Ammonium sulphate was added to the solution obtained until all of the enzyme activity was present in the precipitate. The precipitate was filtered off, taken up with phosphate buffer (pH 5.0) and desalted by passage through a molecular sieve. The enzyme solution thus obtained was used for the hydrogen peroxide test directly or after previous concentration by lyophilisation and taking up in 3.0 M ammonium sulphate solution (pH about 7).

Further purification of the starting solution was carried out, without previous separation of the enzyme, by ammonium sulphate precipitation as follows:

The solution was adjusted with acetic acid to pH 4.4 and left to stand for 20 minutes. Insoluble material was then filtered off. Polyethylene-imine solution was added portionwise to the supernatant, insoluble material being filtered off after each addition. The fraction containing the enzyme was again dissolved in a buffer and chromatographed over diethylaminoethylcellulose. Subsequently, desalting was carried out with cross-linked dextran. A preparation was thus obtained with an activity of about 45 U/mg.

EXAMPLE 2 Dependence of the activity of the new NADH-POD upon the buffer employed in the test

Measurement was carried out in 0.1 M buffer (1 mM hydrogen peroxide, 0.4 mM NADH).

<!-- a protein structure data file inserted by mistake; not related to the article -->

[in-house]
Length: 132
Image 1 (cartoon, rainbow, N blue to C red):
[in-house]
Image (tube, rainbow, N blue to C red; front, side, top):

TABLE 1______________________________________Enzyme activites at pH 7.5 in % in various buffers,referred to the activity in sodium acetate buffer (100%)buffer                   %______________________________________sodium acetate           100TRIS acetate             101triethanolamine acetate  100piperazine hydrochloride 100HEPES                     89potassium phosphate       63potassium diphosphate     61borate/citrate            25______________________________________
EXAMPLE 3 Influence of the pH value in the test system upon the activity of the new NADH-POD

Measurement was carried out in 0.1 M TRIS acetate buffer (1 mM hydrogen peroxide, 0.4 mM NADH).

              TABLE 2______________________________________pH Dependence of the enzyme activity in %pH               %______________________________________5.0              675.4              986.0              1007.0              887.5              568.0              379.0              19______________________________________